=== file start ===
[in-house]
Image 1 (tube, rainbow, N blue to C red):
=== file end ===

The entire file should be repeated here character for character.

[in-house]
Image 1 (tube, rainbow, N blue to C red):